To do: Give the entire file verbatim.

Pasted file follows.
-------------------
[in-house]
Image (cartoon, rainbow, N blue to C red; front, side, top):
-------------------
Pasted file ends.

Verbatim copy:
[in-house]
Image (cartoon, rainbow, N blue to C red; front, side, top):